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This is quoted from Feynman's Lectures:

We would like to see what happens when the loop shrinks down to a point, so that surface boundary disappears - the surface becomes closed. Now, if the vector $\mathbf{C}$ is everywhere finite, the line integral around the loop must go to zero as we shrink the loop. According to Stokes' theorem, the surface integral of $(\nabla \times \mathbf{C})_n$ must also vanish.

Mathematically, from Stokes' theorem, it can be inferred that

$$\int_{\text{any closed surface}} (\nabla \times \mathbf{C}) \cdot n \cdot da = 0.$$ But physically, what is going on that is making the circulation zero in the closed surface?

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    $\begingroup$ Your equation is a mathematical theorem. It seems to make little sense to try to explain why it is true from experience. Aren't you looking for examples of its use in physics, instead? $\endgroup$ – Ján Lalinský Apr 5 '15 at 13:05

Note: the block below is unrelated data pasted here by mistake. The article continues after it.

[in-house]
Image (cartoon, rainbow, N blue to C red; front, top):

• $\begingroup$ @Ján Lalinský: Yes, sir. Actually I want the reason. $\endgroup$ – user36790 Apr 5 '15 at 13:09
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Stokes' theorem needs no physical reason to be true. However, there is a nice intuitive description of the two-dimensional case. Tesselate the surface with little (infinitesimal) oriented squares and consider the integral as the sum of the curl on all these little squares:

enter image description here

The inner sides of the squares have no contribution to this sum at all, because they are always canceled by the adjacent squares whose sides are oriented in the opposite direction. Therefore, only the contribution of the border of the surface remains, and since a closed surface has no border, the integral over closed surfaces vanishes.

Image and explanation adapted from the Wikipedia page linked in the first sentence.

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  • $\begingroup$ This is really intuitive! Even Feynman used the same approach to deduce Stokes' theorem. Sir, btw, can you please tell how a loop, when shrinked, gets transformed to a closed surface? $\endgroup$ – user36790 Apr 5 '15 at 16:18
  • $\begingroup$ @user36790: A loop doesn't become a closed surface. I think what Feynman describes there is that if you have a surface whose boundary is a loop, and you shrink the loop to a point, and the surface has no longer a boundary (since the point you shrank the loop to can be considered part of the surface), and is hence closed. $\endgroup$ – ACuriousMind Apr 5 '15 at 16:28

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